I get asked a lot to provide the names of women (particularly in STEM) who might be a good source of comment, quote and opinion in the media. I love doing this. There’s no way I’d have the time to do it myself for starters, but also, over the years I have collected knowledge about who I would ask in those cases.

This has many benefits. It helps some women with their careers by shining a spotlight on their accomplishments, it provides role models for girls who might be learning in an all-male environment and well, it makes me feel good too.

However, I also have a few hangups on this – let’s turn those into tips, something more positive.

Don’t ask women for the sake of their gender, ask them because of what they know.

This is a bit of an issue. I’ve been asked to appear at talks or on panels to talk about things I really don’t have a scooby-doo about. And I tend to say, ‘No thank you’. Of course I’d like to get up there and show off a bit, but it would be silly of me to try and describe say, sports physio or gardening. There’s plenty of women in each field to go around, do your homework.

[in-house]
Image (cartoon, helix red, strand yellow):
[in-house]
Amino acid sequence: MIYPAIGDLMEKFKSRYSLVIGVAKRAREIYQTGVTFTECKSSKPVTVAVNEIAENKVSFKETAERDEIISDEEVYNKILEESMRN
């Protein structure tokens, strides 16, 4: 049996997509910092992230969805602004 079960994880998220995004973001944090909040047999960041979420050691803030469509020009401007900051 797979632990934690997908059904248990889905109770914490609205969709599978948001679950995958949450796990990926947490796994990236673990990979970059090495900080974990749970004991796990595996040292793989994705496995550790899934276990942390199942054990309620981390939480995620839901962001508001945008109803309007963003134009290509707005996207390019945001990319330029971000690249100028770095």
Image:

Ask us about things other than being a woman.

Sounds basic right? You’d be surprised. The query ‘How does it feel to be a woman in … [insert career choice here] is one that not many of us can answer in comparison. How does it feel to be a woman in media? Well, I’ve not been anything else when it comes to gender. If that changes, I’ll get back to you. We have a lot to say, about a lot of things, ask us about the topic we’re in love with, we’ll talk to you all day if you like.

Helping the women you know

Not all of the women I know seem to need help. Not on a gender basis. But some of them could do with a metaphorical push or connection and asking for help is not always easy.

First up, you might be told ‘No’. It’s important that you log this tiny nugget of info and move on.

Secondly, being an arsehole is not gender-specific. I’ve helped women in media who have promptly turned around and done their best to crap all over me.